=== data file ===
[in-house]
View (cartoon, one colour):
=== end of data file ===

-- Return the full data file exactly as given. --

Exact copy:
[in-house]
View (cartoon, one colour):